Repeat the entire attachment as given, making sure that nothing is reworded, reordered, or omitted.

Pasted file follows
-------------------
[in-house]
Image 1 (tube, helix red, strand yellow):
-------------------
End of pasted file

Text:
[in-house]
Image 1 (tube, helix red, strand yellow):